In esoteric traditions, Mi’raj is the soul’s leap into mystic knowledge

Exalted is He who took His Servant by night from al-Masjid al-Haram to al-Masjid al- Aqsa, whose surroundings We have blessed, to show him of Our signs. Indeed, He is the Hearing, the Seeing.
Qur’an 17:1

The ascension of Prophet Muhammad into heaven, Mi’raj, is generally celebrated on the 27th day of Rajab, although there is no unanimous opinion on the precise date. In this legend, the Prophet was prepared for his meeting with God by the archangel Gabriel (Jibrīl) one evening while he was asleep near the Kaʿba, the sacred shrine of Mecca. The Prophet’s heart was purified by removing all traces of error and doubt, and was filled with wisdom and belief.

The Prophet riding Buraq. Image: Pinterest
The Prophet riding Buraq. Image: Pinterest

The Prophet then makes his night journey (isrāʾ) from the “sacred place of worship” (Mecca) to the “further place of worship” (Jerusalem) by the winged mythical creature Burāq, and from Jerusalem he ascends to heaven, possibly by ladder (miʿrāj), accompanied by Jibrīl. The Prophet is greeted by, and in effect validated by the previous Prophets (Adam, Joseph, Aaron, Moses, Abraham, and Jesus) and then sees the Divine Throne.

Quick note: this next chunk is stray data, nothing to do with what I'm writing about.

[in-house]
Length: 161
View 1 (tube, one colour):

Dome of the Rock. Image: Archnet
Dome of the Rock. Image: Archnet

The site from which the Prophet ascended is now the shrine of the Dome of the Rock.

Amongst the esoteric traditions of Muslims, the legend of mi‘raj is symbolic of the spiritual search, describing the soul’s leap into mystic knowledge and eventually to the state of spiritual union with the Divine.

Sources:
Mi’raj, Encyclopaedia Britannica
Micheal A. Sells, “Early Muslim Spirituality and Mysticism,” The Muslim Almanac Edited by Azim A. Nanji, Gale Research Inc. Detroit, 1996

Compiled by Nimira Dewji

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